White joined Amazon in 2016. Just a few months later, his daughter, Sequoia, was diagnosed with Non-Hodgkin T-cell lymphoma and leukemia. Suddenly thrust into a new world of navigating hospitals, doctors, and treatments, White said the support he received from fellow Amazon employees allowed him to focus on his family. "I was never put in a position to choose. The culture that we have here is to support people," he said.

White’s family knows there are other kids around the world who continue to fight every day, and they chose to share their story to help raise awareness. He hopes that as awareness increases, new technology will follow. Today, Sequoia is cancer-free and attends Baylor University. White continues his work to spread awareness and support other Amazon employees who are facing a childhood cancer diagnosis.

Stephen Burnell, Amazon health and safety manager in Doncaster, U.K.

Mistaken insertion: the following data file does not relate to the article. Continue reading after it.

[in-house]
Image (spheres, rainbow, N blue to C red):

Burnell wears a safety vest and pajama pants in an Amazon fulfillment center. He crosses his arms and smiles.

When Burnell’s son, Andrew, began feeling unwell, he and his wife both knew right away that something was not right. As an active toddler, Andrew was diagnosed with acute lymphoblastic leukemia. At the time, the survival rate for pediatric cancer was around 60%, but, as Burnell explains, “to get in that 60% group, you'd have to have years of chemotherapy,” which could be traumatizing for a 3-year-old to experience. Andrew is now 21 and is in remission, and Burnell hopes that someday there will be a time when every family can receive the same news. This is why Burnell is proud to see how sites around the globe get involved in Amazon Goes Gold for Kids with Cancer, since he knows firsthand the difference that this campaign and raising even greater awareness can make.

Takuji Kaneko, Amazon site leader in Osaka, Japan

Kaneko wears his pajamas and waves as he works in an Amazon fulfillment center.